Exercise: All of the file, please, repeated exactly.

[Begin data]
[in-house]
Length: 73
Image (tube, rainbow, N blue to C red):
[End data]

[in-house]
Length: 73
Image (tube, rainbow, N blue to C red):